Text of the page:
Saturday, January 20, 2018

Miller defends use of Powell

Three overs in final: Rovman Powell

Jamaica Scorpions captain Nikita Miller has been forced to defend his tactics after coming under criticism for his handling of star all-rounder Rovman Powell, during the side's disappointing defeat to Barbados Pride in the final of the Regional Super50 last Saturday.

Powell, a West Indies player who bowls varied right-arm seam, was only given three overs as Pride romped to 271 for nine off their 50 overs, after opting to bat first at Coolidge Cricket Ground.

Significantly, he was introduced for the first time in the 46th over with Pride already having escaped from a dodgy situation of 138 for five in the 35th over, courtesy of a scintillating 127-run sixth wicket stand between Man-of-the-Match Shai Hope (101) and captain Jason Holder (69).

“I'm a captain who works with the situation. I don't play what you did the day before,” Miller told the Observer newspaper.

“If you're playing against the same team and if you're playing on the same pitch, yes. But on the type of pitch we were playing on, and at that time, the spinners were tying down the batters and Rovman is more adept at bowling at the latter stage or at the death (the end of the innings).”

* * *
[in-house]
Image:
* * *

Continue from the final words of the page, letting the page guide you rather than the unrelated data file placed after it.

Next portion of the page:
Powell had taken his maiden career five-wicket haul in List A just days earlier when he helped fire Scorpions to a comprehensive 292-run victory over deposed champions Trinidad and Tobago Red Force.

But Miller said he was forced to change tactics against the Pride who were more susceptible to slow bowling than seam.

As a result, both off-spinners Damani Sewell and John Campbell were given 10 overs apiece.

“As we saw … [Powell's] cleverness showed. I know he got five wickets [in the semis], but it's a different situation,” Miller contended.

“Yes his confidence was up, but we were playing a different team and Barbados is a team who don't do particularly well against off-spinners, as we saw with the two off-spinners bowling in tandem.”

Perhaps the most astonishing move was the decision to send Powell in at number eight, with the game virtually out of reach at 107 for six in the 26th over.

In the semi-final against Red Force, Powell was sent at number four and lashed an explosive career-best 95 from just 45 deliveries, as Scorpions piled up a record 434 for four off their 50 overs.

When he finally arrived at the wicket in the final following the lesser talents of Sewell and Damion, he proceeded to unleash a stroke-filled 65 from 59 balls – an innings which proved in vain.

“With him batting at eight we wanted, as a team, to hold him back a little bit to give us what he is capable of,” Miller explained.

“We didn't want to expose him to so much spin. He is more comfortable playing the fast bowlers and with the damage he can create in the latter stages. His type of play is [based on] power and people don't normally power hit for long.

“The [required run rate] was going down and with his power I think he could have done some damage. And if the platform was set I believe that he would have done the job.

“He did well and I believe it was his best innings of the tournament, and it's unfortunate he didn't come out in a winning way.”